Monday, February 21, 2011

Foods that snuck over the border, eh!

Swiss Chalet Rotisserie chicken, those fries and that famous dipping sauce! Unfortunately the last of the US restaurants (2 remained in Buffalo as of last year) closed their doors for good, leaving the closest ones over the border. The good news is you can buy packets of sauce mix; the bad news is that you can’t duplicate their chicken. “Swiss Chalet, Okay!”

Tim Horton's Founded by hockey player Tim Horton, this donut and coffee chain knocks the socks off Dunkin Donuts any day! Our favorite, the elusive Canadian Maple, seems to only be available in Canadian stores. In the US we settle for the Maple Dip (same frosting, except just a hole in the middle rather than cream filling). As they continue expanding further into the US interior, I say “Bring on the TimBit!”

Smarties Not the sugary tablets rolled in a clear plastic wrapper. (See “Fizzers” below) These Smarties are candy-coated chocolate akin to M&Ms yet unique in their own right. Sold in tubes or boxes, and popular in Europe as well, Smarties come in an array of pastel colors. I swear that each candy shell tastes slightly different based on its color, but Don doesn’t. Guess you’ll have to experiment to find out.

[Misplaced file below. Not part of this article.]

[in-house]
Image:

Fizzers These were the Canadian version of our Smarties. Why didn’t they call them Smarties? Well, see the above description of Smarties. Fizzers looked just like the US Smarties and if you took them both out of their wrappers, you’d be hard pressed to find a visual difference. Pop them in your mouth, however, and you’d find out why they were called Fizzers!

Aero Bar Take a creamy milk chocolate bar and add air bubbles. Behold the Aero Bar. Its beauty is in its simplicity. These candy bars were lost for quite some time, but they have staged a comeback and I have seen them available in the US!

Hostess and Humpty Dumpty Chips Known for odd flavors, Hostess and Humpty Dumpty were the original pioneers of creatively flavored snack chips. Canadians LOVE their ketchup, so it stands to reason that chips would be flavored with their beloved condiment. For some reason dill pickle was always a popular chip flavor as well.

Kraft Dinner In the US we call this Kraft Macaroni & Cheese. The stuff in the blue box. In Canada, they are passionate about their Kraft Dinner. Same food, though north of the border it’s most likely enjoyed with- you guessed it- ketchup. All the fanciest Dijon ketchups…

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